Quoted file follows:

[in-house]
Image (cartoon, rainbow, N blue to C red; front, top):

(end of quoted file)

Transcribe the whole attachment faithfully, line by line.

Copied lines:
[in-house]
Image (cartoon, rainbow, N blue to C red; front, top):